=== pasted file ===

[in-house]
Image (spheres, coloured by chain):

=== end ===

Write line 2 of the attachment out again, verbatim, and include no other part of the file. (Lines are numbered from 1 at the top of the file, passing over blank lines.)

Image (spheres, coloured by chain):